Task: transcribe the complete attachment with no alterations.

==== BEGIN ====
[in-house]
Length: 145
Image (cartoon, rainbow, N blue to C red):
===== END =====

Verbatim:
[in-house]
Length: 145
Image (cartoon, rainbow, N blue to C red):